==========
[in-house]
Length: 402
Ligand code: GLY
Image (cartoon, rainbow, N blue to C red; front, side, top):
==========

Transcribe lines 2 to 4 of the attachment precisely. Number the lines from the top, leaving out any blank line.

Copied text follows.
Length: 402
Ligand code: GLY
Image (cartoon, rainbow, N blue to C red; front, side, top):